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Greedfall Review

by Alireza Rasouliyan
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Greedfall is a Single-player action role-playing game published by Focus Home Interactive and developed by the French studio, Spiders, who previously worked on a couple other RPGs such as Bound by Flame, Mars: War Logs and The Technomancer.

Their latest game, Greedfall, leaves players with mixed feelings, while it’s not a masterpiece, it does many things right. Don’t expect to get a lore as rich as The Witcher Series or a story as emotional as Final Fantasy games, the Greedfall‘s scope isn’t half as massive as series like Fallout, The Elder Scrolls or Dragon Age. High expectations for Spiders’ new RPG will certainly disappoint you. In this review, we want to explain what parts of the game are promising, and what parts need improvement.

What Greedfall Does right:

Worldbuilding:

Greedfall takes place on a fictional island called Teer Fradee, which is a mysterious place full of secrets to unfold, and people to help out, the game’s map isn’t like your typical role-playing game where you can explore the whole map all at once. Instead, GreedFall’s world is broken up into different mini hubs that each has lots of different things for the player to interact with. Looking for hidden loot chests? It’s there. Want some fresh side quests to give yourself a break from the main story? Greedfall provides it.

For me, the most interesting thing about the world design was the way that Spiders approached fantasy. Yes, there are tons of fantasy-themed stuff in the game which affect both gameplay and story, but the way these fantasy elements have mixed with real history makes Greedfall’s Worldbuilding excellent.

Story:

In Greedfall you play as Sir (or Madam) De Sardet a young lord or lady, who’s been appointed by his or her noble father to serve as a Leget (ambassador) to the isle of the Teer Fradee. At first, your main role is to go to the newly settled island and start developing relations with different colonial governors, each of whom have begun establishing cities as part of the settlement of this 17th century-styled fantasy setting.

While it’s not the best story you can find in an RPG, the game still delivers. Greedfall manages to tell its own story using well-written dialogs and a setting which feels unique. Inconsistency in characters personalities, hurts the story here and there, but the general story is able to maintain player’s interest and not lose it before the finish line.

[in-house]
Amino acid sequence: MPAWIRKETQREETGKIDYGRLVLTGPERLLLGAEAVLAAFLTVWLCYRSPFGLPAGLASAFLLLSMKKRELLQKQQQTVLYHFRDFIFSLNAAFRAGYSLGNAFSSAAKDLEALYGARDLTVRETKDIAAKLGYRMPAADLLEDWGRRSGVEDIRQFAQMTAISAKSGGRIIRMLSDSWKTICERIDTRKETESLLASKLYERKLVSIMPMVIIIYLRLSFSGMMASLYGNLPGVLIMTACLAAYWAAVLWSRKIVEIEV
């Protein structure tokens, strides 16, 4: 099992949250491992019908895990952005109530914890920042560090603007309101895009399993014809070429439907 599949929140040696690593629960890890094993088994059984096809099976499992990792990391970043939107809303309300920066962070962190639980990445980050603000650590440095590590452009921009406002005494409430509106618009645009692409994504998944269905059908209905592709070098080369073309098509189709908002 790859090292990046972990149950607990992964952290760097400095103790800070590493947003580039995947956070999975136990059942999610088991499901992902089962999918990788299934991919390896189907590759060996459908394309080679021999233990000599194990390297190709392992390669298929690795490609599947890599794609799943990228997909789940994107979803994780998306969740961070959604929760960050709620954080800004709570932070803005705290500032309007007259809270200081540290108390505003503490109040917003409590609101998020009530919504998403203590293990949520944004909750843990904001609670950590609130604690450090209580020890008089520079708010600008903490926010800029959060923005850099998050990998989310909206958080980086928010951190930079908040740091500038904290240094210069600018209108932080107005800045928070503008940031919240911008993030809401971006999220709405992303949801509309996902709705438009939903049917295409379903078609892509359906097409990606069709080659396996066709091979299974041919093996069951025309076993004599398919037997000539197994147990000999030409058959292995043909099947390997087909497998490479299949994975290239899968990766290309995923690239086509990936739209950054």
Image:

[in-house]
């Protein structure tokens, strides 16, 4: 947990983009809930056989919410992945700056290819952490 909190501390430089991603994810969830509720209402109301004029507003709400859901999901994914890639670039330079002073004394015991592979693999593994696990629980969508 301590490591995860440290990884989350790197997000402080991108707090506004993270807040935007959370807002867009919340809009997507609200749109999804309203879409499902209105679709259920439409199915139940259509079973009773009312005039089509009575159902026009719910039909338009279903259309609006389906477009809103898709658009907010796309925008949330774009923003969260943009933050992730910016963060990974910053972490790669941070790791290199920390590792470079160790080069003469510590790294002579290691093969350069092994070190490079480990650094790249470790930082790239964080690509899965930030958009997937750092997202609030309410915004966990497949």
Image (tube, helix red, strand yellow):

Sound:

This is where Greedfall really stands out for itself. The composer for this game, Olivier Deriviere, has worked on so many great titles in the videogame medium. Games like Assassin’s Creed IV: Black Flag — Freedom Cry, Vampyr, Remember Me and more. So with him at the helm, we couldn’t expect less from the music. Deriviere’s work in Greedfall is impressively experimental and I wasn’t prepared to hear it in a game like this. From epic battle tracks that lift the action to hunting instrumental ones playing in the darkest jungles.

In terms of voice acting, Greedfall does the same thing. A character dialog is well delivered and voice-actors have injected distinct personalities or flairs to characters. You can feel how in pain one character is, just by hearing his voice.

All and all, music, sound effects and voice-acting are a big plus for Greedfall and easily one of the most enjoyable parts of the game.

RPG Systems:

The RPG elements this game has to offer are absolutely amazing. Just like many other RPGs, the foundation is based on the points you could put into core abilities like science, vitality, lock-picking, charisma, etc. But in Greedfall the way you choose to spend your point, profoundly impacts your playthrough and different people will have different experiences with the gameplay. From Stealth and sneaky play-style to diplomatic approaches, Greedfall supports it all.

Crafting is present in the game and once you get the hang of it, it becomes enjoyable. Customization is another thing that Greedfall does right. You can change almost everything you’re wearing. It’s possible to add unique cosmetic items to your armor and style your character the way it pleases you.

Quest design: